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Contrary to reports late last week, the BlackBerry smartphones used by White House staffers and the President are not to be replaced by Android or Windows Phone handsets from Korean manufacturers LG and Samsung.
The Wall Street Journal, quoting unnamed insiders, suggested that while Obama’s own BlackBerry was not under threat, but that smartphones from LG and Samsung were being tested for ‘internal use’. The news story caused a dip in BlackBerry’s stock price – the White House is one of the company’s most high-profile customers.
Few smartphones are as iconic as President Barack Obama’s faithful BlackBerry – he was pictured with it so often during his 2008 Presidential campaign that the New York Times estimated that the “celebrity endorsement” could be worth up to $50 million to the company.
White House spokesman Jay Carney said, according to a report by ABC News, that no change was imminent, but that the White House Communications Agency was testing devices for “other areas of the administration.” The WHCA describses itself as “a one-of-a-kind military unit dedicated to providing premier, worldwide, vital information services and communications support to the president and his staff.”
President Obama was informed that he would have to give up his BlackBerry on taking office, but came to an agreement with intelligence agencies.
Silicon Beat reports that a BlackBerry spokesperson wrote a letter to the Wall Street Journal denying that the White House was considering a move away from BlackBerry handsets. Barbara Tate wrote, “Governments test new technologies frequently, but nevertheless the U.S. government continues to choose BlackBerry for its unmatched security and cost effectiveness. Other vendors such as Samsung and LG still have a long way to go to catch up to meet the government’s stringent requirements and certifications. BlackBerry’s operating system has already received the highest security approvals from the United States, Great Britain and NATO, and our latest operating system, BlackBerry 10, is already certified for high-security users in various NATO countries.”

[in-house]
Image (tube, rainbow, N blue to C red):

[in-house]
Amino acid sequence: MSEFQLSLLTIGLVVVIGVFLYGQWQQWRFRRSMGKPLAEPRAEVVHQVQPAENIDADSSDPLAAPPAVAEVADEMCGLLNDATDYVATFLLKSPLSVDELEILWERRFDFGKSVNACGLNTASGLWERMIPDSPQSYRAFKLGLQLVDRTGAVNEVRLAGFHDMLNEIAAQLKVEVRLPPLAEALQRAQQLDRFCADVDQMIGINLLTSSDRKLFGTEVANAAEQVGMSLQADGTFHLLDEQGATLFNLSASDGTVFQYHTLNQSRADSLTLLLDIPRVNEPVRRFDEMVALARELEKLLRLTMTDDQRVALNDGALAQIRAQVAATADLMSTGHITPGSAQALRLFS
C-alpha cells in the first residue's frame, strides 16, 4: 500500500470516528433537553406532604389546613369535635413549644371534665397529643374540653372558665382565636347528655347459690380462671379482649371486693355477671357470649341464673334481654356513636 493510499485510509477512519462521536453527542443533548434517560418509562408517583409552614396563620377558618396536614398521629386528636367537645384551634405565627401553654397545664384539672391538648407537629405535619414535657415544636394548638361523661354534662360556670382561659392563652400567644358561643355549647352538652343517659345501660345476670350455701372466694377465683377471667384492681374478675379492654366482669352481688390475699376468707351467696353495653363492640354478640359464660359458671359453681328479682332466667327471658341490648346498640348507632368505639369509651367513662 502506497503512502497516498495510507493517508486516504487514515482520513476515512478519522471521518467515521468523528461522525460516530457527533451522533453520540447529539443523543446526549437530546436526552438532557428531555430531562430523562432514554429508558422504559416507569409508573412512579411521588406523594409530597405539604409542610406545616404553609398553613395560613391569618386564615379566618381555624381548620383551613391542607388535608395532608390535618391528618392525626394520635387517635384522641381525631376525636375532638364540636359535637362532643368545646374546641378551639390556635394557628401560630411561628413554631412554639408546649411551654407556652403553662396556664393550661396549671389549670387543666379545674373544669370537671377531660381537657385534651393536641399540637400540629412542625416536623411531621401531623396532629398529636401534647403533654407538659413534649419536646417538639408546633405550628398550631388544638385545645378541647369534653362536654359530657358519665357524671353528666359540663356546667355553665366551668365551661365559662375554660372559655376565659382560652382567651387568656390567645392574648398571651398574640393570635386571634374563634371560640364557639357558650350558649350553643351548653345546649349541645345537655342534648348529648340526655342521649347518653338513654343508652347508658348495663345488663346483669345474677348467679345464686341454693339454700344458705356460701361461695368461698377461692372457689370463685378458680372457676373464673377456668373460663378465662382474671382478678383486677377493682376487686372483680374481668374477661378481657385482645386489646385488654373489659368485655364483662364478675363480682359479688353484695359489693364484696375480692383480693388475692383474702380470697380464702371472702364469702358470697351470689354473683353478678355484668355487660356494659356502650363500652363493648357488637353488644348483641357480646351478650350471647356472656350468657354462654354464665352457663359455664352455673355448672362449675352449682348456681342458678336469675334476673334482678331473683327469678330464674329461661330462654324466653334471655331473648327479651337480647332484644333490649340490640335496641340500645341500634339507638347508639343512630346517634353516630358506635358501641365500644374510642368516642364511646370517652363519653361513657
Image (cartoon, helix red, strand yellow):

Both Samsung and LG recently unveiled security software for their higher-end Android handsets, but reports from sites such as The Register suggested that upcoming Windows phones from the companies could be adopted instead by U.S. government agencies. The site reports that Windows Phone handsets recently overtook Android handsets in sales figures in the United States.
Venture Beat reports that BlackBerry, and its new CEO John Chen, are making efforts to ensure that their handsets retain their reputation for security – and their impressive list of state clients. Chen inaugurated a ‘security innovation’ center for the company this year, located in Washington DC. Chen said at the time, “We are committed to working with government and industry experts to solve some of the biggest challenges we face in securing mobile communication The Washington, D.C.-based security innovation center will be focused on creating lasting partnerships that will encourage ongoing dialogue aimed at making better products and policy.”
ESET malware researcher Cameron Camp wrote an in-depth breakdown of the security features of BlackBerry’s new BB10 operating system, concluding, “While there are a myriad of external (and internal factors) that may control the trajectory of the BB 10 operating system and its handsets’ future adoption, the security stance seems like a good start. While the winds of the market forces will blow where they may, it’s good to know a company like this had the foresight to revamp the whole stack in a thoughtful, security-focused way, and the guts to go for it.”
Author Rob Waugh, We Live Security